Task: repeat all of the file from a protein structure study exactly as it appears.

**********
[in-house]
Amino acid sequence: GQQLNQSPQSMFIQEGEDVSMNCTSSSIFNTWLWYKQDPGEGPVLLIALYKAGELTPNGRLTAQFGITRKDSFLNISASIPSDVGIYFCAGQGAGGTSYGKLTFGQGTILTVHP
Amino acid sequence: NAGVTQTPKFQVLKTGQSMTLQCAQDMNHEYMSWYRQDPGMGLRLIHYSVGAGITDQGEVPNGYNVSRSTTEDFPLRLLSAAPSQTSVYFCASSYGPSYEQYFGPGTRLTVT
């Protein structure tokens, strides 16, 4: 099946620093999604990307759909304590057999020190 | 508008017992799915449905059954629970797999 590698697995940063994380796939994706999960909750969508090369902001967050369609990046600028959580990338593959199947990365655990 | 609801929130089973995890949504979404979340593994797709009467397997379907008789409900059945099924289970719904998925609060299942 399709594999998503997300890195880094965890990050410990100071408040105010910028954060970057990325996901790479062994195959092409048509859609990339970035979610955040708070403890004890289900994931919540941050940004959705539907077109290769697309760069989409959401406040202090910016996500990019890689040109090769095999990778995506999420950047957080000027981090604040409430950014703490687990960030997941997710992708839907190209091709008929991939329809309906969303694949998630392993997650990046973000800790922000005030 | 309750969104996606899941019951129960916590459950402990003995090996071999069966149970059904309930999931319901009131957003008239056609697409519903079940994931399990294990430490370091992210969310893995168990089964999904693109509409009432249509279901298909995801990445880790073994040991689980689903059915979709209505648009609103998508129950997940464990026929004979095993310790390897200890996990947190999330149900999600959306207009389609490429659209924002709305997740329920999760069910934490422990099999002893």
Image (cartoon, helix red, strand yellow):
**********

[in-house]
Amino acid sequence: GQQLNQSPQSMFIQEGEDVSMNCTSSSIFNTWLWYKQDPGEGPVLLIALYKAGELTPNGRLTAQFGITRKDSFLNISASIPSDVGIYFCAGQGAGGTSYGKLTFGQGTILTVHP
Amino acid sequence: NAGVTQTPKFQVLKTGQSMTLQCAQDMNHEYMSWYRQDPGMGLRLIHYSVGAGITDQGEVPNGYNVSRSTTEDFPLRLLSAAPSQTSVYFCASSYGPSYEQYFGPGTRLTVT
């Protein structure tokens, strides 16, 4: 099946620093999604990307759909304590057999020190 | 508008017992799915449905059954629970797999 590698697995940063994380796939994706999960909750969508090369902001967050369609990046600028959580990338593959199947990365655990 | 609801929130089973995890949504979404979340593994797709009467397997379907008789409900059945099924289970719904998925609060299942 399709594999998503997300890195880094965890990050410990100071408040105010910028954060970057990325996901790479062994195959092409048509859609990339970035979610955040708070403890004890289900994931919540941050940004959705539907077109290769697309760069989409959401406040202090910016996500990019890689040109090769095999990778995506999420950047957080000027981090604040409430950014703490687990960030997941997710992708839907190209091709008929991939329809309906969303694949998630392993997650990046973000800790922000005030 | 309750969104996606899941019951129960916590459950402990003995090996071999069966149970059904309930999931319901009131957003008239056609697409519903079940994931399990294990430490370091992210969310893995168990089964999904693109509409009432249509279901298909995801990445880790073994040991689980689903059915979709209505648009609103998508129950997940464990026929004979095993310790390897200890996990947190999330149900999600959306207009389609490429659209924002709305997740329920999760069910934490422990099999002893």
Image (cartoon, helix red, strand yellow):